Little hospital beats with huge heart

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Little hospital beats with huge heart


Leslie Chick, second from left, an American pastor at the Migrant Worker’s House in Yangju, Gyeonggi Province, meets migrant workers at the fourth anniversary of the Migrant Workers’ Hospital in southern Seoul. By Moon Gwang-lip

When Dong Changhua, 43, came to Korea two months ago upon hearing about the death of his brother, he never imagined what he would be doing last Friday.

That day Dong was singing in a choir with six other Chinese compatriots at an event to mark the fourth anniversary of the Migrant Workers’ Hospital in southern Seoul.

The hospital had provided free medical services to Dong’s brother, a migrant worker here; when he died recently, the hospital paid for his funeral.

His brother died in an accident outside his workplace. The death is still under police investigation.

“I wanted to do something for the hospital because I feel grateful for the help it gave my brother, both when he was alive and when he died,” Dong said through an interpreter.

Around 200 people, including several lawmakers, attended the event. The hospital has quickly grown in reputation as a sanctuary for around 430,000 migrant workers in Korea.

Founded by Pastor Kim Hae-sung, the hospital has treated around 128,000 migrant workers over the last four years. It has paid for the funerals of around 1,600 migrant workers to date, a huge number considering the size of the hospital.

Located on the second and third floors of the Seoul Migrant Worker’s House in Guro District, the hospital has only four resident doctors besides part-time volunteers.

Pastor Lee Sun-hee, 56, has worked at the hospital since its foundation. She said the hospital needs more state-of-the-art medical equipment and doctors, but the hospital still saves lives and treats ailments.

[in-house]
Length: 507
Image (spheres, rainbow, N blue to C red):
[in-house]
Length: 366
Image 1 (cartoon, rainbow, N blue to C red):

“Many migrant workers died from colds or appendicitis in the past, but no one has died from these illnesses since the hospital opened,” Lee said.

During Friday’s event, Lee Wan-joo, a 62-year-old pediatrician, was named honorary president. She’s worked at the hospital since its foundation. She used to earn 10 million won ($9,937) a month, but she works for nothing at the hospital.

“Doing something for these migrant workers is more rewarding than a salary,” she said.

Some of the lawmakers and politicians present gave congratulatory speeches, which were warmly received by dozens of migrant workers and volunteers.

Im Young-kil, one of the volunteers, however, said the dignitaries would be appreciated more if they supported the hospital regularly.

“These migrant workers need more than garlands and celebratory remarks. I hope they [the dignitaries] continue to show interest in the hospital and not just on this occasion,” Im said.

He heads a volunteer group called “Love in Yangpun,” which serves food at migrant workers’ centers across the country almost every week. Yangpun is a stainless steel food bowl.

Leslie Chick, 55, is a rare Western figure at the hospital. The American pastor has been working at the Migrant Worker’s House in Yangju, Gyeonggi Province, since 2004. He attended the event along with other staff from the Yangju center.

Chick said migrant workers need more support from the owners of Korean companies and the Korean government.

“Without migrant workers, a lot of companies here will be history,” he said, adding that the government should help build more hospitals for migrant workers.

By Moon Gwang-lip Staff Reporter []

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